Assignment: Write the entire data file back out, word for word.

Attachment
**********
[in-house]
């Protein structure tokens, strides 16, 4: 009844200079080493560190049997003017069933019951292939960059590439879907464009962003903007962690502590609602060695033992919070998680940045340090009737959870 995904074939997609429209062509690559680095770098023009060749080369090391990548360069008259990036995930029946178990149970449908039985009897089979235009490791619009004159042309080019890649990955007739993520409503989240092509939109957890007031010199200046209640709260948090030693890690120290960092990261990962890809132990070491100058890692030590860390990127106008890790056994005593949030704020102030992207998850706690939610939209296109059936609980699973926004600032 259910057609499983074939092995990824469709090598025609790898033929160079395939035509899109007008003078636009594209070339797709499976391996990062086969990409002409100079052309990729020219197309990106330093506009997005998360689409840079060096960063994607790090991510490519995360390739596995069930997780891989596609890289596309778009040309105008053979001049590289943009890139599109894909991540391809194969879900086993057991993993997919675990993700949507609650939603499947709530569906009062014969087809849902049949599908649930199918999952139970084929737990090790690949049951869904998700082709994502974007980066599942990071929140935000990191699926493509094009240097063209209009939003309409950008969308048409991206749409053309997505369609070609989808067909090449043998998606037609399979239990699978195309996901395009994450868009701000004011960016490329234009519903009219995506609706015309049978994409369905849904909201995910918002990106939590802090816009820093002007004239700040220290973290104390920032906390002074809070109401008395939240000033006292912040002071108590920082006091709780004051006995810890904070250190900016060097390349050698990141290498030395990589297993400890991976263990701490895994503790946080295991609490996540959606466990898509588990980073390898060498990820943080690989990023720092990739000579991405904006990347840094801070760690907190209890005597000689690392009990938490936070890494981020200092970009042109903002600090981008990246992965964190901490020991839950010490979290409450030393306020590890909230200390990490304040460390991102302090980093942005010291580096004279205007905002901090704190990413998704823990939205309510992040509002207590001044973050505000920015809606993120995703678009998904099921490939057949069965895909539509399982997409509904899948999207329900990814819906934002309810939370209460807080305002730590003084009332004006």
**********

[in-house]
């Protein structure tokens, strides 16, 4: 009844200079080493560190049997003017069933019951292939960059590439879907464009962003903007962690502590609602060695033992919070998680940045340090009737959870 995904074939997609429209062509690559680095770098023009060749080369090391990548360069008259990036995930029946178990149970449908039985009897089979235009490791619009004159042309080019890649990955007739993520409503989240092509939109957890007031010199200046209640709260948090030693890690120290960092990261990962890809132990070491100058890692030590860390990127106008890790056994005593949030704020102030992207998850706690939610939209296109059936609980699973926004600032 259910057609499983074939092995990824469709090598025609790898033929160079395939035509899109007008003078636009594209070339797709499976391996990062086969990409002409100079052309990729020219197309990106330093506009997005998360689409840079060096960063994607790090991510490519995360390739596995069930997780891989596609890289596309778009040309105008053979001049590289943009890139599109894909991540391809194969879900086993057991993993997919675990993700949507609650939603499947709530569906009062014969087809849902049949599908649930199918999952139970084929737990090790690949049951869904998700082709994502974007980066599942990071929140935000990191699926493509094009240097063209209009939003309409950008969308048409991206749409053309997505369609070609989808067909090449043998998606037609399979239990699978195309996901395009994450868009701000004011960016490329234009519903009219995506609706015309049978994409369905849904909201995910918002990106939590802090816009820093002007004239700040220290973290104390920032906390002074809070109401008395939240000033006292912040002071108590920082006091709780004051006995810890904070250190900016060097390349050698990141290498030395990589297993400890991976263990701490895994503790946080295991609490996540959606466990898509588990980073390898060498990820943080690989990023720092990739000579991405904006990347840094801070760690907190209890005597000689690392009990938490936070890494981020200092970009042109903002600090981008990246992965964190901490020991839950010490979290409450030393306020590890909230200390990490304040460390991102302090980093942005010291580096004279205007905002901090704190990413998704823990939205309510992040509002207590001044973050505000920015809606993120995703678009998904099921490939057949069965895909539509399982997409509904899948999207329900990814819906934002309810939370209460807080305002730590003084009332004006």